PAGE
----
In the first years, research into VR mainly focused on how patients could be helped with it. Since the corona crisis, it has also been increasingly used to train professionals. Today, there are already numerous VR tools that allow emergency responders to practice complex operations. For example, there is a VR application from UCLL University of Applied Sciences and Oost-Limburg Hospital, where nurses can practice specific nursing actions in VR, such as removing mucus from a patient’s throat via a tracheotomy.
But VR is also inescapable in mental health care. A pioneer is the American company Embodied Labs, which teaches students through VR environments what it is like to go through life as the patients they care for, such as people with Alzheimer’s, Parkinson’s or hearing or vision loss. This way they can experience in VR how a person with Alzheimer’s deteriorates over ten years. Or do they see in first person what it is like to come to a party as a hearing-impaired older man and have difficulty following the conversations. “The idea is that through these simulations, students better understand the challenges people experience in daily life, which gives them more empathy for them,” says Bernaerts.
That empathy is also necessary when dealing with suicidal people, says De Bruyn. “As a care provider you have to take off your own glasses as much as possible and learn how that person looks at life. That is much easier said than done.”
Whether VR offers added value in this regard remains to be seen from scientific research. The students at UCLL University of Applied Sciences are already enthusiastic: 83 percent of them indicate that the VR training is an absolute added value compared to traditional training methods. “The big advantage is that such a VR setting is a safe environment,” says Belleman. “You’re usually just practicing it. And if you make a ‘mistake’, it has no consequences in the real world. That simply means that people try things more often, which helps the learning process.”
In the future, VR could also play a role in training the broader population in suicide prevention. An important part of the Flemish Suicide Prevention Action Plan, with which Flanders aims to reduce the number of suicides by 10 percent by 2030, is that the broader population becomes more alert to possible signals. For example, teachers and pharmacists are already receiving further training on suicide prevention today. Last week, the Flemish government allocated 248,000 euros for a project on suicide prevention in the workplace.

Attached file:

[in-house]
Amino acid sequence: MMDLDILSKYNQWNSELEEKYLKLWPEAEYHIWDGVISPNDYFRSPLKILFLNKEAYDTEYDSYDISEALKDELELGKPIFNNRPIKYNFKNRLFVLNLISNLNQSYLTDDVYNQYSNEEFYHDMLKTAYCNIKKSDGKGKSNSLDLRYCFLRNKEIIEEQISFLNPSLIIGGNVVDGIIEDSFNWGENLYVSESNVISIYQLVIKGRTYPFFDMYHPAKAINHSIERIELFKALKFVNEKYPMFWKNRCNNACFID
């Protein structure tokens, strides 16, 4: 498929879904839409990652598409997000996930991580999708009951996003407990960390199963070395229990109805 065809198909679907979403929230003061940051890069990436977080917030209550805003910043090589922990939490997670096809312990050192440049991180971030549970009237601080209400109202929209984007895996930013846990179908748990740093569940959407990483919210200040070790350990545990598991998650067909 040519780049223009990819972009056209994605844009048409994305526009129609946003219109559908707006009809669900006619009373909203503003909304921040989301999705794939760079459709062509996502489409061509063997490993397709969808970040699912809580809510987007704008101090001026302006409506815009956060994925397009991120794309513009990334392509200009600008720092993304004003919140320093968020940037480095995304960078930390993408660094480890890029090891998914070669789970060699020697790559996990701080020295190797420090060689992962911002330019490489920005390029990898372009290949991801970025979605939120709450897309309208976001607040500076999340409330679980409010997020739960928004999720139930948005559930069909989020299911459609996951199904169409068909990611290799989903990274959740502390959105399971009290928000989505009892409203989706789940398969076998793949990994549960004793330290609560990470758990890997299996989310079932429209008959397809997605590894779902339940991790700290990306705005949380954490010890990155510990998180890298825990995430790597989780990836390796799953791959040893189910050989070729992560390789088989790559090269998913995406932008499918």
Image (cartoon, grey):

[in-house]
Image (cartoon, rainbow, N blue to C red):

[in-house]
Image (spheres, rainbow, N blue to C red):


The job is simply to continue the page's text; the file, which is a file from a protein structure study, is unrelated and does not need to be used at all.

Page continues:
“That is a good thing,” says De Bruyn. “Because once you go through such a training, you take that alertness with you for the rest of your life.” For people in the area, for example colleagues, a suicide often comes as a complete surprise. Only afterwards do the puzzle pieces fall together.
“It is often preceded by a series of spoken or semi-spoken signals,” says De Bruyn. “Someone suddenly comes to social activities much less often, or becomes a lot quieter. Someone gives away something that he or she has always been attached to, or says: ‘I’m tired, I would like to travel far and long.’ All these things can be a signal that something is wrong. And then it can be very valuable to say: ‘I see that you have been feeling less comfortable lately. Would you like to talk about that?’ If more people are able to discuss suicide, we can save a lot of people.”
Questions about suicide? Then you can contact the Suicide Line on 1813, via www.zelfbloed1813.be or via the chat service. The Suicide Line is also always looking for volunteers to strengthen the telephone line and chat service.